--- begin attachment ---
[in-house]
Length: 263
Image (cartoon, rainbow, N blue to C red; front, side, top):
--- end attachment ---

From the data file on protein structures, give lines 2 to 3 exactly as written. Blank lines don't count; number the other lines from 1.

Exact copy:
Length: 263
Image (cartoon, rainbow, N blue to C red; front, side, top):